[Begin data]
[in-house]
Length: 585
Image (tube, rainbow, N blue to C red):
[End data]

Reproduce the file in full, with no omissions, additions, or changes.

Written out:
[in-house]
Length: 585
Image (tube, rainbow, N blue to C red):